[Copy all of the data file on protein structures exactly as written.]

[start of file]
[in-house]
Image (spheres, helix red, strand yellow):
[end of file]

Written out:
[in-house]
Image (spheres, helix red, strand yellow):